“I was using your website the other day and it looks, well, bad.” or “I went to your website and it wasn’t working right.”

Without knowing the full context of the conversation, those words alone can cause a business owner to pause. You’ve had your website for several years and it’s served the business quite well, thank you very much. But times change and so do customers expectations, including expectations of a business’s website. All of this leads into a question we’ve heard from clients and others we’ve met with: is my brand or website hurting my bottom line?

The answer is somewhere in the middle, quite possibly. Having your brand consistent across all platforms and mediums is crucial, but so is having an up-to-date and secure website that is also user-friendly. So many moving parts, right?

Let’s look at your brand first. Having a unified brand image and message for all of the strategy elements you use in your marketing will keep building off one another. Using consistent logos, branding, and messaging across all marketing, social media, websites, and anything your business is involved in or produces ties everything together. By doing this, you’re letting customers and non-customers alike know anytime they see that particular logo or tagline, it’s your business.

On the other hand, your website truly can make or break a business as it brings many components together in one central location. Having a clear design acts as a clear message to your customers and anyone visiting your website. Crisp, sharp, user-friendly can signal your business is engaged, operational, and holds customer service to a very high standard. Conversely, a muddied brand or website can send multiple messages to people, such as lackadaisical, disinterested, uncaring.


How Can I Measure This and Make It Better?

If you find your website or brand aren’t providing as much of a return-on-investment to your bottom line as they should, don’t panic. There are several things to look at before you tear everything apart and start over. Chances are only one or two things will need an adjustment.

Let’s start with your conversions. This word is used and tossed around a lot in marketing and business, but the meaning can become a bit muddied over time. A conversion is how many of the people who visited your website actually did something that will impact your business, such as downloading a checklist or ebook, after providing some basic information like email address or telephone number. Everything you do with digital marketing is meant to have as many conversions as possible. Conversions feed directly into Google Analytics, which we will touch on in a moment. The more in touch you are with your analytics, the more quickly you can spot conversion hangups or roadblocks and make changes.

If you use Google Analytics to track your website, and anything happens on your website, even the briefest of visits, Google Analytics will let you know. What pages people are visiting – or not – on your website, where the visitor is located based on internet provider address, and what type of device they’re accessing your website from are a small sampling of the information Google can provide. Through this, you’ll be able to see if a call-to-action is working and if not, make needed changes for it to be more engaging and inviting to visitors.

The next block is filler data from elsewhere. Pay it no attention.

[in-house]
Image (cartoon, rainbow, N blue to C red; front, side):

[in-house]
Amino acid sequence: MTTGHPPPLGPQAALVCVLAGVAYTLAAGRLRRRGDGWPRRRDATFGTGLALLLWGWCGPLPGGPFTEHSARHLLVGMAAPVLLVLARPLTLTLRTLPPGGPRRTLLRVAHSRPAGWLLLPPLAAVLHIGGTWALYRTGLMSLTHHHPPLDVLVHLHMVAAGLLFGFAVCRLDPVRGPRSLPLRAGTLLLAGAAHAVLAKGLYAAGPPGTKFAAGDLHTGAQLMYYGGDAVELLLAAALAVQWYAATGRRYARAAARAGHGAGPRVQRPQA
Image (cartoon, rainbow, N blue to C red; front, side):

One of the deepest insights you can have from your website is through attribution models. These statistics determine how much credit for conversions are assigned to touchpoints (specific clicks) in conversion paths. The purpose is to quantify each impression on a visitor’s decision to convert or not. With these numbers in hand, you can optimize advertising budgets for specific conversions. Attribution models are split into three areas: single source, fractional, and algorithmic/probabilistic. Single source assigns all credit to one event, but are regarded as least accurate for this reason. Fractional attribution does what its name implies, giving equal weights to all touchpoints, while the third model, algorithmic/probabilistic, is the most complex. Using science or proprietary algorithms, credit is assigned across all touchpoints before the conversion.

So what does all of this mean for you? Well, we recommend starting with looking over your Google Analytics for any obvious sticking points. From there, you can either adjust content, landing pages, calls-to-action, or any other element of your website that isn’t engaging your visitors to the point of conversion.

Are There Any Calls-To-Action and Are They Being Clicked?

Your calls-to-action should be the first thing you’ve looked at once you’ve verified your content is quality and relevant to your customers. Whether it’s scheduling an appointment, navigating through the shopping cart or otherwise on your website, it should be clear and concise for users. A Google Analytics tracking code should be placed on every call-to-action your website has. Why? Otherwise, you’ll never know if the call-to-action is remotely working.

Are Your Calls-To-Action and Pages Showing up in Google Rankings?

Everybody and everything are about that Google rank and your calls-to-action should be feeding that. The landing page behind any call-to-action needs to follow three basic guidelines to be considered high quality by Google.

First, any content, meaning text or keywords used, must be directly relevant to the call-to-action. Cross-pollinating calls-to-action is definitely not recommended if you’re aiming for a quality rank. This also includes testing out a change in your brand; the call-to-action should remain consistent with all branding messages your business has. Second, the information on the landing page needs to be useful for whatever your call-to-action was bringing people in for. See the reason above as to why this is necessary. And lastly, the call-to-action should offer useful features and or content unique to your website.


Elevare Can Give You a Boost

Nobody likes to see their bottom line being affected by anything. But when it comes to having mixed messaging with a brand or a website that has gone from stellar to stagnant, Elevare can get your business back on the right track.

We’ve worked with companies who wanted align their current branding across platforms and companies who wanted to create a whole new brand for a new transition.

As for websites, we work really hard to build websites that present your company, knowledge and services in the best way possible so you can be successful in your marketing efforts. It doesn’t matter if it’s a hiccup or the type of bottom line issues that have your hand hovering over the panic button, Elevare can help steer your marketing in the right direction!


Let Us Help You Increase Your Bottom Line Effectively. Get a FREE 30 Minute Consultation!